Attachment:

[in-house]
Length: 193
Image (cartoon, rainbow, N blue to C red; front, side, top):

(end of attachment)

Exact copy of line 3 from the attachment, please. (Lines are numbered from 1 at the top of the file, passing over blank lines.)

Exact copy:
Image (cartoon, rainbow, N blue to C red; front, side, top):